The Greatest Presidents

Background

The Fall 1985 issue of Presidential Studies Quarterly, published by the Center for the Study of the Presidency, had an article called, "Rating Presidents and Diplomats in Chief." In this article, Presidents are assessed.

In 1948, Arthur M. Schlesinger, Sr. polled 55 prominent scholars in American history and government, and again in 1962 he asked 75 to rank Presidents within five categories - as great, near great, average, below average and failure. Another poll, conducted among nearly 850 members of the United States Historical Society in 1977, asked respondents to name the 10 greatest Presidents. There were 3 other group polls in 1970, 1981, and 1982, and 12 more individual assessments discussed in this article. So, out of 18 lists, the results were:

Washington, Lincoln, Franklin Roosevelt, Jackson and Theodore Roosevelt were on all 18 lists. Wilson and Jefferson were on 17 lists. Then Truman on 9, Polk on 7, John Adams on 6, Grover Cleveland on 5 and Kennedy on 2.

In 1956, the popular poll results were: Franklin Roosevelt, Lincoln, Washington, Eisenhower, Truman, Wilson, Theodore Roosevelt and Jefferson.

In 1976, popular poll results were: Kennedy, Lincoln, Franklin Roosevelt, Truman, Washington, Eisenhower, Theodore Roosevelt, Lyndon Johnson, Jefferson, Wilson and Nixon.

No where in this article were the election results, or voters opinions, considered.

The Electoral College

Because Electoral College vote is the only measure by which all Presidents can be compared, we devised a formula. The cumulative percentage of Electoral votes received by a President, divided by the number of elections in which he received any Electoral votes.

The Second Term

Not surprisingly, the highest percentage of Electoral votes were won by Presidents winning re-election: Roosevelt's second term - 98.49%; Monroe's second term - 98.3%; Washington's second term - 97.77%; Reagan's second term - 97.58%; Nixon's second term - 96.65%; Washington's first term - 94.52%; and Jefferson's second term - 92.05%. Then Reagan's first term, Lincoln's second term, and so on.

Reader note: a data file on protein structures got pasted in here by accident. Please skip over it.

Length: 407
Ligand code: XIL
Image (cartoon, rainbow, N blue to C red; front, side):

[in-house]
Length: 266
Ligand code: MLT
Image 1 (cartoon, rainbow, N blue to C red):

Conclusion, our greatest Presidents are the two term Presidents. There have been 16 two term Presidents, 22 one term Presidents, 5 Presidents who were never elected, and two people who were elected president but were never allowed to take office (Tilden and Gore). [For purposes of this analysis, which is based on voters choices, George W. Bush is a one term president, because he was only elected to one term.  He is the only two term president to have less than a 50% electoral vote average, less than 17 of the other 21 one term presidents.  According to voters, George W. Bush belongs at number 34 of the 43 presidents so far.]

The Greatest Presidents

Using average percentage of Electoral vote, the list of the United States' greatest Presidents generally agrees with historians. But the voters gave very high marks to two, James Monroe and Ulysses Grant, who don't appear on any expert list or popular poll.

The list of Presidents and their average percentage ratings are:

Rank

President

Percent

1.

George Washington

96.14%

2.

James Monroe

90.55%

3.

Franklin Roosevelt

88.32%

4.

Dwight Eisenhower

84.65%

5.

Ulysses S. Grant

75.40%

6.

Bill Clinton

69.65%

7.

8.

Woodrow Wilson

Barack Hussein Obama

67.04%

65.03%

9.

Thomas Jefferson

64.71%

10.

Richard Nixon

64.46%

11.

Abraham Lincoln (75.0%)*

64.18%

12.

James Madison

64.02%

13.

Ronald Reagan (94.23%)**

63.44%

14.

William McKinley

62.97%

15.

Andrew Jackson

60.72%

16.

Grover Cleveland

58.50%

One Term Presidents

17.

Lyndon Johnson

90.33%

18.

Franklin Pierce

85.81%

19.

William H. Harrison

79.59%

20.

Warren Harding

76.08%

21.

Calvin Coolidge

71.94%

22.

Theodore Roosevelt

70.59%

23.

William Howard Taft

66.46%

24.

James Polk

61.82%

25.

James Buchanan

58.78%

26.

James Garfield

57.99%

27.

Martin Van Buren

57.82%

28.

Harry S. Truman

57.06%

29.

John F. Kennedy

56.42%

30.

Zachary Taylor

56.21%

31.

Jimmy Carter

55.2%

32.

 

 

George H. W. Bush

Albert J. Gore, Jr. (never took office)

 

55.14%

54.09%

33.

John Adams

51.45%

              Samuel J. Tilden (never took office)              50.90 %


34.

George W. Bush

49.43%

 

 

35.

 

36.

 

 

Rutherford B. Hayes

 

Herbert Hoover

                 

 

49.05%

 

48.06%

37.

Benjamin Harrison

                          45.37%

38.

John Q. Adams

                            15.79%

Never Elected Presidents